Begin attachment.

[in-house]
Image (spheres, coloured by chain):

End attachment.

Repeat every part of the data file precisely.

[in-house]
Image (spheres, coloured by chain):